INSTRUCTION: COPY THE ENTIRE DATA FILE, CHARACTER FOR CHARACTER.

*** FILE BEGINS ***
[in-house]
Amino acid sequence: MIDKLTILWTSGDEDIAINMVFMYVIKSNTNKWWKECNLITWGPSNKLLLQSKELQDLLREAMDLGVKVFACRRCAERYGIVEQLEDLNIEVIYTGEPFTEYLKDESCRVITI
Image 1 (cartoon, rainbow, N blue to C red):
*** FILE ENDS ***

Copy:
[in-house]
Amino acid sequence: MIDKLTILWTSGDEDIAINMVFMYVIKSNTNKWWKECNLITWGPSNKLLLQSKELQDLLREAMDLGVKVFACRRCAERYGIVEQLEDLNIEVIYTGEPFTEYLKDESCRVITI
Image 1 (cartoon, rainbow, N blue to C red):